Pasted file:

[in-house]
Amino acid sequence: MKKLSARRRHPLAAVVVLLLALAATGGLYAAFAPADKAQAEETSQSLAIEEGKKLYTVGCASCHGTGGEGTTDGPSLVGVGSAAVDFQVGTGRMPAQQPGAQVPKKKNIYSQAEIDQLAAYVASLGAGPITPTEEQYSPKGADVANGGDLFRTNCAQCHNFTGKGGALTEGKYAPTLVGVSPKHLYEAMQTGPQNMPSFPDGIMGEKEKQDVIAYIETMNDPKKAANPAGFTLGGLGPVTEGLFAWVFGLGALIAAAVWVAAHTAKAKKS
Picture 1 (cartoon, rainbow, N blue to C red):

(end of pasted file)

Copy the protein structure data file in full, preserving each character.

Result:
[in-house]
Amino acid sequence: MKKLSARRRHPLAAVVVLLLALAATGGLYAAFAPADKAQAEETSQSLAIEEGKKLYTVGCASCHGTGGEGTTDGPSLVGVGSAAVDFQVGTGRMPAQQPGAQVPKKKNIYSQAEIDQLAAYVASLGAGPITPTEEQYSPKGADVANGGDLFRTNCAQCHNFTGKGGALTEGKYAPTLVGVSPKHLYEAMQTGPQNMPSFPDGIMGEKEKQDVIAYIETMNDPKKAANPAGFTLGGLGPVTEGLFAWVFGLGALIAAAVWVAAHTAKAKKS
Picture 1 (cartoon, rainbow, N blue to C red):